Since 1945, the Bulletin of the Atomic Scientists has maintained the Doomsday Clock–a clock with a minute hand that moves closer or farther from midnight (doomsday) every year depending on the direness of humanity’s situation. This year, the clock is three minutes to midnight. That’s two minutes closer to apocalypse than in 2014.
The Doomsday Clock decisions are not made arbitrarily. They take into account everything from stores of nuclear weapons to sea level rise. But up until now, the exact data that the Bulletin of the Atomic Scientists uses has been a bit opaque. No more. Now, in the Internet age of transparency, we have the the Doomsday Dashboard–an interactive look at the data considered for the Doomsday Clock, including nuclear material security, CO2 levels over time, Arctic sea ice minimum, and global temperature differences. Click here to check it out.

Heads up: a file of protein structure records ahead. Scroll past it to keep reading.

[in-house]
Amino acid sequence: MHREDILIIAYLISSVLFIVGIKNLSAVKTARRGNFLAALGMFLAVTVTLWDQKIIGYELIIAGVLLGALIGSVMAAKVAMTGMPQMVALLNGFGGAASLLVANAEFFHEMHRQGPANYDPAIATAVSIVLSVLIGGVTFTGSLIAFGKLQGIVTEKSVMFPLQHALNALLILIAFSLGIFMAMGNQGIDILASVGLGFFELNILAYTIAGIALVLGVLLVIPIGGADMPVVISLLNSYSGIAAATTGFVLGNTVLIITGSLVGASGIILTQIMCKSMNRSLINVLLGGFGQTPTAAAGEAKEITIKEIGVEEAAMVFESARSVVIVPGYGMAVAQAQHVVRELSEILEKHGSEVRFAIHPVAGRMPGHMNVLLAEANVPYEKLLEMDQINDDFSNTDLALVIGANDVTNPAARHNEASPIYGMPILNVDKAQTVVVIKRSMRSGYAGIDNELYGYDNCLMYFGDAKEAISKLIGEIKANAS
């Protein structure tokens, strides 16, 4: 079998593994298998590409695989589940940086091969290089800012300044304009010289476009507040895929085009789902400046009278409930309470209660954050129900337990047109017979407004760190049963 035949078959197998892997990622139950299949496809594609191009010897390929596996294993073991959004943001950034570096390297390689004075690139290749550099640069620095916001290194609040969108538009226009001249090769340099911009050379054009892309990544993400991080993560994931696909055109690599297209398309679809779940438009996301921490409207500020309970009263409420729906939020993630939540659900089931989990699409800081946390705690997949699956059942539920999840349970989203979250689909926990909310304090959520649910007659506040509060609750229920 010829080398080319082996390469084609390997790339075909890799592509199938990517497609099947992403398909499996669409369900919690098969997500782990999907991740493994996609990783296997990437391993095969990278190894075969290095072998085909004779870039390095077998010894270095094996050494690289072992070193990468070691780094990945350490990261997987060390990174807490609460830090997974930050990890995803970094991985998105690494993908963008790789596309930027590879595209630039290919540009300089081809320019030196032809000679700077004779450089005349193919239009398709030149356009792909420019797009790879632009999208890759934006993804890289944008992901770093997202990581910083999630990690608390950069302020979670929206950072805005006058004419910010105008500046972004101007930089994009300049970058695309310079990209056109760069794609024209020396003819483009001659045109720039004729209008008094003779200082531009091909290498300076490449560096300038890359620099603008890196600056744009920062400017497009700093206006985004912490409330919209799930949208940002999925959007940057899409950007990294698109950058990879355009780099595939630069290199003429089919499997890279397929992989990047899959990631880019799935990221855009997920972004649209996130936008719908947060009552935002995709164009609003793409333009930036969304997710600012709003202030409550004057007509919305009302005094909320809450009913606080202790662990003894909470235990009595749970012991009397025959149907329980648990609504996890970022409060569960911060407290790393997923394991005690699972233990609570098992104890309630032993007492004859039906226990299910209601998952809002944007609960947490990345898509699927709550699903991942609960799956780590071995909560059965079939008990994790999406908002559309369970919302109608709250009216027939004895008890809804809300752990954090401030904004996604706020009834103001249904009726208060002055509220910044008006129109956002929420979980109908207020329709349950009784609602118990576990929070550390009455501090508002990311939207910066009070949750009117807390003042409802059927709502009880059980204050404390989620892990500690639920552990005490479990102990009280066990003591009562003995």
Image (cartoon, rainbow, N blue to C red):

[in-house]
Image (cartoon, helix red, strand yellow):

Take a glance at the dashboard, and it’s easy to understand why the Doomsday Clock is so close to midnight. The U.S. appears to have a real problem with having nuclear material stolen, while both the U.S. and Russia are still hoarding huge amounts of weapons-grade uranium and plutonium. All the climate change indicators are getting more dire: Sea level rise and atmospheric CO2 levels are marching upward, global temperature differences are climbing, and Arctic sea ice is getting thinner.
If you ever need to show a skeptical friend why humanity needs some real help saving itself–and fast–just show him the dashboard, and he’ll quickly understand.